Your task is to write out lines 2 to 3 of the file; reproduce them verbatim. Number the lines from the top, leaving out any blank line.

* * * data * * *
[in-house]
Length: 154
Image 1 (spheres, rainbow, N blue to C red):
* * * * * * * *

Length: 154
Image 1 (spheres, rainbow, N blue to C red):